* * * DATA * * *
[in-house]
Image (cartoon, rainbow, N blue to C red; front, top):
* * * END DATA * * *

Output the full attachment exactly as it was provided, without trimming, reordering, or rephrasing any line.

[in-house]
Image (cartoon, rainbow, N blue to C red; front, top):